Disclaimer: This post is going to be entirely about The Perks of Being a Wallflower by Stephen Chbosky. There are no spoilers, but I’m just warning those who may not have read it in case they get bored. But if you haven’t read it, read the below post anyway, and then go read the book!
If any of you follow me on Twitter, you might have seen my multiple exclamation point tweet yesterday regarding the news that my favorite book EVER, The Perks of Being a Wallflower, is finally being made into a movie. I’ve mentioned my love of this book before (here, for example), but I think most people my age (especially you bookish types!) can remember reading it when it came out and thinking “finally somebody gets me!”
It seemed like such a small book at the time. Not many other people from my high school had read it (except for the select few who were forced to hear me rave about it). It wasn’t until I went to college that I met people who had the same reaction to it that I had, and I realized what an effect it had on my generation. Since it still pops up on “banned books” lists, I assume (and hope!) that it’s having that same effect on the next generation of insecure teens. The news of the movie finally being made, eleven years after its original publication, only confirms its continuing impact on young readers.
Since 1999, I’ve read Perks eight more times. As an older teen, I found I could relate to different characters in the book too, not just the main character, Charlie, anymore. In my early twenties, I felt more nostalgia when I re-read it, and now in my late twenties, I just want to give everybody a hug and tell them “don’t worry, it all gets better!” Still, even after the many changes I’ve been through in my own life, I can still find ways to relate to the awkward, depressed, insecure, and ever-lovable Charlie.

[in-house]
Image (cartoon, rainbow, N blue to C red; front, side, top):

News about the movie can be found here. Some obvious gripes: The inevitable “movie tie-in re-release,” which you might remember from this post, I dislike. Also, I think Hermione (*ahem* Emma Watson) will make a good Sam, but I would’ve preferred someone more like Kristin Stewart, only younger and better. And yes, the kid playing Charlie sort of looks the part, but he’s eighteen, and will only be older by the time they start filming. It’s only a three-year age difference, but in teen years, that difference is huge, especially when playing a fifteen-year-old who already looks young for his age. But, then I think of Luke Perry on 90210, or the entire cast of Gossip Girl, and suddenly things don’t seem so bad.
The one major perk for me, and everyone else, it seems, is that the author, Stephen Chbosky, is both writing and directing the film, which means it stands a chance of staying true to the book. It also means there’s way less of a chance of “Nick and Norah-ing” it and making a great book terrible.
Some more obvious perks:
People will start talking about the book again!
Gen(whatever I am)-ers who were maybe just old enough to miss it the 1st time will read it for the first time!
Popularity of “non-paranormal” YA novels is reawakened!
1990s nostalgia sky-rockets and I can start wearing snap bracelets again! (OK, I’m getting ahead of myself, and a little out of control.)
Joking aside, there is something to be said for growing up in the ’90s and I’m so happy that I did. Sure, every generation thinks theirs is “the best,” but the ’90s were as close to the ’60s as us “children of boomers” were going to get. Even I was a little too young to fully appreciate it, since my teens also bled into the early ’00s, but it’s the decade that resonates most with me when I think of my own “coming of age” and The Perks of Being a Wallflower captured that perfectly for me at an age when I needed it most. There is no way the movie will live up to the book for me, but I still cannot wait to see it.
Thanks for bearing with me and my ode. 140 characters was just not enough space to talk about how excited I am that this book is back in my life. (Not that it ever left.)